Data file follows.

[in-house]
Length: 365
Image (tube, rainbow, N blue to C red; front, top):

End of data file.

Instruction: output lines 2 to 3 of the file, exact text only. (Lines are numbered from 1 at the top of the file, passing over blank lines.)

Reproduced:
Length: 365
Image (tube, rainbow, N blue to C red; front, top):